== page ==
One day after the readership figures were out, SPH went into a panic mode with CEO Alan Chan and Editor in Chief Patrick Daniel warning of the publishing storm ahead.
Two major moves were announced:

  1. One reporter from one newspaper will cover one event, write it up and send it to a pool. Other newspapers will pick the report from the pool and re-shape it according to each newspaper’s needs.
  2. The newsrooms will be transformed to make print-and-digital reporting seamless.

The proposed changes come in the wake of a double whammy of a drop in circulation and advertising revenue in the last year.
With revenues under squeeze, the publishing house will have to cut cost and these proposed changes will mean cut in money spent on manpower. Expect attrition to come thick and fast.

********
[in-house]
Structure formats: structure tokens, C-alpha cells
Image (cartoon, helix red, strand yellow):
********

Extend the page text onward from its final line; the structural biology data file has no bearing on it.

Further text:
One of the first victims is expected to be My Paper, which is on to a last-ditch effort to survive. Rahul Pathak, who used to be associate editor of Business Times, has been moved to see how the paper’s fortunes can be revived. The hope is that his experience in Today can be useful.
A lot of attention is being put on The New Paper. Its circulation is declining, advertising has never been great. It is a two-trick pony which bet on sensational news and soccer reporting. With The Straits Times getting into the first space and the Internet providing news reports, commentaries and video clips of  soccer matches, TNP seems to have no other tricks in the bag.
The real elephant in the room is how political news is reported.  As long as that doesn’t change dramatically, the eyeballs will just continue to move away from SPH newspapers.. And empirical evidence shows that once they go away, they never return.
So the real question is this: who has the will and the courage to tackle this elephant?

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